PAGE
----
New Reforms for Councils to Build Affordable Housing

New Reforms for Councils to Build Affordable Housing

In a move to address the ongoing housing affordability crisis, the UK government has introduced reforms aimed at empowering.

These reforms aim to facilitate the construction of thousands of social and affordable homes by granting councils new powers to acquire land at more reasonable prices through Compulsory Purchase Orders (CPOs).

One of the key challenges councils have faced in acquiring land for housing projects is the inflated cost due to ‘hope value’.

This term refers to the potential future value of land if developed, often resulting in disputes and inflated prices.

The new reforms aim to alleviate this burden by removing ‘hope value’ under specific circumstances when CPOs are used, making land acquisition more cost-effective and efficient for councils.

Jacob Young, the Levelling Up Minister, emphasises the importance of these changes:
“Our changes will act as a catalyst for investment in our towns and cities and drive much needed regeneration in communities across the country.

“We know we need to build more homes and alongside our Long-Term Plan for Housing, these changes will help us do that, unlocking more sites for affordable and social housing, as well as supporting jobs and growing the economy.”

Kate Henderson, Chief Executive of the National Housing Federation, adds:
“Enabling local councils to buy cheaper land through Compulsory Purchase Orders without paying ‘hope value’ will allow them to build more of the desperately needed affordable homes the country needs, in the right places for the people who need it most.

“To solve the housing crisis and unlock the land needed for these homes, these changes must sit alongside wider reforms to planning policy which should form part of a nationally coordinated fully funded long-term plan for housing.”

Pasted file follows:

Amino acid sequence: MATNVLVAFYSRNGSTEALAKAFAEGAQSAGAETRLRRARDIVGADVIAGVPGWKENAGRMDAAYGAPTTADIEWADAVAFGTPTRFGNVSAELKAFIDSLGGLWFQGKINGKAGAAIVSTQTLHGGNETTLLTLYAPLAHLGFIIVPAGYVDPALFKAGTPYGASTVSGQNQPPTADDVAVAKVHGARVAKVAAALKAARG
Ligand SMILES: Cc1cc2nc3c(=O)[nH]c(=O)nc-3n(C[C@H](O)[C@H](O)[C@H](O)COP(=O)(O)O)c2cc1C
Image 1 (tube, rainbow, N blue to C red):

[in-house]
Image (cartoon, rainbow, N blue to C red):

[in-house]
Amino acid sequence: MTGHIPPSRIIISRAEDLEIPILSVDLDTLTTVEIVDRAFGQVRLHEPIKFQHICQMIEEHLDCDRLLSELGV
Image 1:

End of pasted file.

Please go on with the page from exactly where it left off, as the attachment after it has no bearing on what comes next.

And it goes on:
Under the Levelling-up & Regeneration Act 2023, bodies such as Homes England and councils can apply to remove ‘hope value’ under certain conditions.

These conditions include developments being in the public interest and facilitating affordable or social housing, as well as health or educational uses. This legislative framework aims to empower councils while ensuring that developments align with broader societal goals.

The effectiveness of Compulsory Purchase Orders in facilitating development is evidenced by successful projects across the country.

For example, in Leicester, the regeneration of Waterside has revitalised derelict land, leading to the construction of new homes and commercial spaces. Similar success stories can be seen in Sheffield and Helmsley, where CPOs have overcome obstacles to housing development.

As councils navigate these new powers, careful planning and collaboration with stakeholders will be essential. While the removal of ‘hope value’ represents a significant step forward, it must be accompanied by strategic decision-making to ensure that housing initiatives meet the needs of local communities.

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